Tax Court in Brief | Soler v. Commissioner | Innocent Spouse Relief Under 6015(b) and (f) Denied

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The Tax Court in Brief – July 18th – July 22nd, 2022

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Tax Litigation:  The Week of July 18th, 2022, through July 22nd, 2022

Soler v. Comm’r, T.C. Memo. 2022-78 | July 18, 2022 | Marvel, J. | Dkt. No. 18639-19


Short Summary: In this case, Jennifer Soler petitioned for innocent spouse relief from joint and several liability under 26 U.S.C. § 6015(b) or (f) with respect to tax years 2012, 2013, 2014, and 2015. Mrs. Soler and her husband, Carlos Soler, were married for over 25 years. They have two children together and have never been legally separated. Mrs. Soler is the primary income earner. Mr. Soler has a bachelor’s degree in accounting and was primarily a stay-at-home father during the tax years in issue. Mr. Soler also operated a consulting business and a real estate business. The returns in issue were prepared by Mr. Soler and were signed by both Mr. and Mrs. Soler. Mr. Soler reported the income and expenses of his consulting and real estate businesses on separate Schedules C, Profit or Loss From Business. The IRS informed the Solers that their income tax returns were being examined. Later, the IRS mailed separate letters and Forms 4549–A, Income Tax Examination Changes for the 2012, 2013, and 2014 tax years. The IRS later issued a notice of deficiency that determined a deficiency in tax and a section 6662 accuracy-related penalty for each year. The IRS later performed an income-matching examination of the Solers’ 2015 tax return and determined that the 2015 return failed to include in income distributions from Mr. and Mrs. Soler’s qualified retirement accounts. So, the IRS issued a notice of deficiency for the 2015 tax year determining a deficiency in tax and a section 6662 accuracy-related penalty. About three years later, the IRS received a timely Form 8857, Request for Innocent Spouse Relief, from Mrs. Soler, requesting relief from joint and several liability for tax years 2012, 2013, 2014, and 2015 pursuant to section 6015(b), (c), and (f). She claimed that she was unaware of any income tax liabilities until the IRS began levying against her wages and that she believed Mr. Soler was unemployed during the years at issue.  The IRS preliminarily denied her request. Mrs. Soler submitted Form 12509, Innocent Spouse Statement of Disagreement, appealing the IRS’s preliminary determination, and her case was assigned to the IRS Office of Appeals (Appeals). Mrs. Soler argued that she relied on Mr. Soler to handle all of the family finances and tax returns. Appeals issued a final notice of determination, denying her request for relief. Mrs. Soler timely petitioned the Tax Court, and the case was tried.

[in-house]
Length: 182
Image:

Key Issues

Primary Holdings:

Key Points of Law:

Insights: Mrs. Soler was not innocent, and the evidence established that she was, more likely than not, intentionally ignorant of her and Mr. Soler’s tax situation with respect to the returns in issue. To obtain equitable relief under section 6015(f), the taxpayer bears the burden of presenting evidence to support an array of factors. Each factor is important to the determination, and the Tax Court will, in performing its administrative court function, carefully weigh the factors based on the evidence presented. It is not an easy row to hoe. Mrs. Soler, being educated and the primary income-earner in the household, endured quite the uphill battle only to find that her request for relief would be denied.